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Saturday, August 27

Banned: "Bombardiers" by Po Bronson

Perhaps the greatest recommendation that I can give to this book is to tell the truth. In 1997 after I first read it, I loaned it to my fellow brokers. Soon the giggling and eyerolling started in the dull, pointless morning meetings and pompous corporate events. The head of the desk told me that he wanted to see me privately. I was told that I was not allowed to bring the book to the bank anymore, as it was destroying the morale of the troops. I still find this one of the most stupid things I have ever heard - banning a book and not trying to correct or even admit the issues that had become a laughing stock was disastrous for everyone's morale. After 12 months most employees had left the company.

Bombardiers (1995) by Po Bronson tells a cynical and hysterically funny story of the working lives of a few bond salesmen at a fictional tier-two investment bank. The story is told through the eyes of a veteran king of sales who can turn bonds like no-one else. He is close to cashing in on his company stock and dreams of leaving and doing something else - anything without the lousy bonds, branch managers or dysfunctional coworkers he hates, maybe even fall in love.

At the onset of the novel a new, young recruit - the protagonist - joins the team. His different ways and views soon poison the desk's atmosphere and everyone begins to doubt the meaningfulness of their daily grind - some because they are afraid of becoming outdated, some because they realize that they, too, were once young and had a life. The characters respond in different ways - fight, flee, freeze, rationalize, project, cognitive dissonance, but absolutely no-one copes. At the same time the bank's reputation is in danger, and it looks like it has to change its name soon, for the umpteenth time.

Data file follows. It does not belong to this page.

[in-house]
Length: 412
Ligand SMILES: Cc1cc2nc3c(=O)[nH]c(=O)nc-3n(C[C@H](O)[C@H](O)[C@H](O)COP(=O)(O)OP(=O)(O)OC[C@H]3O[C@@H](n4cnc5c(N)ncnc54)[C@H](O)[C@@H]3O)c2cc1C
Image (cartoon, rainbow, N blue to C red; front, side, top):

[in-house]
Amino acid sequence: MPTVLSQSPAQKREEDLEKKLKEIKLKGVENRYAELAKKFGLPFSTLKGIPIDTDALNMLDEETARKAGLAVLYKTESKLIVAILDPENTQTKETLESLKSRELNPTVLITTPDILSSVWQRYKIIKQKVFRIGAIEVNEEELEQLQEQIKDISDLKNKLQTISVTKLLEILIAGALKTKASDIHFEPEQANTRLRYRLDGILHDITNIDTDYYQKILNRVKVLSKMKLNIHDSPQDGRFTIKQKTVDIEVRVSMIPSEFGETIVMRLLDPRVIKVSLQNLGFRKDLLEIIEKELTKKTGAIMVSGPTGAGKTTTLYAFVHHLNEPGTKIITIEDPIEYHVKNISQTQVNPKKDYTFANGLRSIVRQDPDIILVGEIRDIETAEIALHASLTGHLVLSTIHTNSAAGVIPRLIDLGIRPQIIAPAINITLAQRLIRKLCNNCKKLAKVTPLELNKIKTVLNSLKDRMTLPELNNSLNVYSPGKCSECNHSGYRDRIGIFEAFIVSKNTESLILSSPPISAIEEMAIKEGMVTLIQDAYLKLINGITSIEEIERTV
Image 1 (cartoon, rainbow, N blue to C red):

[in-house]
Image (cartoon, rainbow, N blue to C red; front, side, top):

The first chapter of the book is available for free on Po Bronson's web site. I guarantee that after reading it you will want to read the rest of the story. The author used to work briefly as an assistant bond salesman and his then-wife had worked for PaineWebber, so he has enough background to keep the dilemmas interesting and the action frenetic. If you like the Bombardiers, these two from Po might interest you as well: